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December 8 2017

The Disney Channel is no longer safe for our kids

via New York Post
by Julie Gunlock

As a mom of three young kids, I’m careful about what they’re exposed to on television, and I screen the shows they watch to confirm they reflect our family values of respect and courteousness. That’s why my kids are banned from watching the Disney Channel.

The Disney Channel and its spin-off, Disney XD, are no longer “safe spaces” for kids. The kid characters on Disney’s shows are often mouthy and disrespectful to parents and authority figures (who are usually scripted as muddle-headed and embarrassingly square). Even many of the strange animated characters make crass and nasty comments.

Shockingly, both my conservative and liberal parent friends tend to be angered by Disney’s programming. And in the Trump era, moms treasure these rare moments of bipartisan disgust.

Of course, some defend Disney, saying the company is only reflecting our culture and doing what all corporations do by responding to consumer demand. Yet maybe the company should reconsider caving in to the worst impulses of an immature demographic — Disney XD is designed for kids aged 6 to 14.

After all, Disney has another consumer to consider — the wearied parent battling modern culture to instill principles of kindness, politeness and respect of elders. This Sisyphean task is made more difficult when kids get a regular dose of vulgar speech, crude jokes and insolent behavior on a channel designed for kids.

If that isn’t enough, Disney has now decided to throw some sex and gender issues into the mix.

Small-screen shows like “Andi Mack” featured a tween character coming to terms with his own sexuality.

Disney is pushing boundaries even further by attempting to address the transgender issue.

On a recent episode of the Disney XD show “Star vs. the Forces of Evil,” a young boy dresses up as Princess Marco Turdina — get it? Turd-ina — in order to rescue a group of girls from the evil headmistress at St. Olga’s Reform School for Wayward Princesses. Sounds tame, right? Boy rescues girls, how traditional.

But when the boy is revealed to be — gasp! — a boy by the headmistress who reveals he has chest hair under his princess costume, the young girls rally around him and launch into the sort of social-justice lecture one might see playing out on the University of California, Berkeley campus.

The scene begins with the headmistress shouting, “Turdina isn’t a princess. She’s a boy!” To which the girls, responding to such a disgusting display of gender bigotry, offer a chorus of defense for Turdina, shouting down the headmistress with comments like:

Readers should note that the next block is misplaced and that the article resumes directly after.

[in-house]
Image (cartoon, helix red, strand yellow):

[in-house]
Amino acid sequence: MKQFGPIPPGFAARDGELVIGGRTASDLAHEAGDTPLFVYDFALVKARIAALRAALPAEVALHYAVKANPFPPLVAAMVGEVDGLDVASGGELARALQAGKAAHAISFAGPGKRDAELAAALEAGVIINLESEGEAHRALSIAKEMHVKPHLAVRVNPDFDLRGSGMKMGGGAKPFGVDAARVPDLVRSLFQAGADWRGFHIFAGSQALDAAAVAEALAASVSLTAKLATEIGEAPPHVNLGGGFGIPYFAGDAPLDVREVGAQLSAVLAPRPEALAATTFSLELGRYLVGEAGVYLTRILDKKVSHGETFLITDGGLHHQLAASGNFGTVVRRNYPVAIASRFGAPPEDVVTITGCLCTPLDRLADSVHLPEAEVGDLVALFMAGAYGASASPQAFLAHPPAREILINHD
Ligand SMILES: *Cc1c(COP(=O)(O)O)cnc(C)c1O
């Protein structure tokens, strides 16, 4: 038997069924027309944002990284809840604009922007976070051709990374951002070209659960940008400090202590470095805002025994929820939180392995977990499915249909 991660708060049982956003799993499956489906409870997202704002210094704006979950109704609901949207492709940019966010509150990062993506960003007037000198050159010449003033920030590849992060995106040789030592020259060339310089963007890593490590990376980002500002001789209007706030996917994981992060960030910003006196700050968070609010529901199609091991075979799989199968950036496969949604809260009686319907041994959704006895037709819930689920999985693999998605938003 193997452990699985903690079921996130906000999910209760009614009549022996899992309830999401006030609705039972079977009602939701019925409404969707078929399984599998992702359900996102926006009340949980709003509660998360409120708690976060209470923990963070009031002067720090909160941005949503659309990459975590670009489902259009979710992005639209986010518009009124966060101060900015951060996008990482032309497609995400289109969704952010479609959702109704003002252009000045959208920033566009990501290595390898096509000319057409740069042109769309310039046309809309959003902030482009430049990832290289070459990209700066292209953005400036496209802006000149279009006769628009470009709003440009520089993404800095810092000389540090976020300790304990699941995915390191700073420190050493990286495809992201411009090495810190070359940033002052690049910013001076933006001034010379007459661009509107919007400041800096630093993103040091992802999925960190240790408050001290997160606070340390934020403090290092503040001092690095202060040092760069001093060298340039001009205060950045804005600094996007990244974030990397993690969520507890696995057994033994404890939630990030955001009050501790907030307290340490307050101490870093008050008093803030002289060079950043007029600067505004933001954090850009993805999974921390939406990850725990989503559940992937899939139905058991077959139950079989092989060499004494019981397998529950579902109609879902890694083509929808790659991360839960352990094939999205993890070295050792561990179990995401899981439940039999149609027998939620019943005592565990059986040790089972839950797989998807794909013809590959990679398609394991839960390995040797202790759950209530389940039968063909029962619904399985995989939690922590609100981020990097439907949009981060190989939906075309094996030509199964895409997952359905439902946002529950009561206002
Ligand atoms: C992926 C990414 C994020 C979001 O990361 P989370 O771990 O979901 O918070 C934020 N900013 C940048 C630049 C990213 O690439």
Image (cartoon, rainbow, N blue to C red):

“Why does it matter if he’s a boy? Nothing he said was wrong!” “He can be a princess if he wants to!” “Turdina is a state of mind!”

No doubt, Disney writers understood this scene would make parents uncomfortable, but what they didn’t understand is the nature of the discomfort.
Sure, some will be unhappy with the transgender-embracing message, but most will be more concerned that kids are being told it’s OK to shout down an adult.

Is that how we want children acting — shouting down authority figures? Oh, wait, they’re already doing that. Again, just look at our college campuses.

We hear a lot from the left about how corporations have a duty to make the world a better place for all mankind.

In response to activist pressure, most corporations give lavishly to environmental causes. Corporations are told they must diversify their workforce. As such, most major corporations, both old and new, have initiated a variety of badly managed “Corporate Diversity Programs” that have done nothing more than increase tension in the workforce.

Corporations do these things because the public demands it — and to avoid lawsuits.

When it comes to how parents feel and how most parents want to raise kids, Disney seems to think it has zero responsibility.

That’s not going to change until parents start pushing back — or, you know, start pushing the television’s “off” button when Disney comes on.

Independent Women's Forum is an educational 501(c)(3) dedicated to developing and advancing policies that aren’t just well intended, but actually enhance people’s freedom, choices, and opportunities. IWF is the sister organization of the Independent Women’s Voice.​
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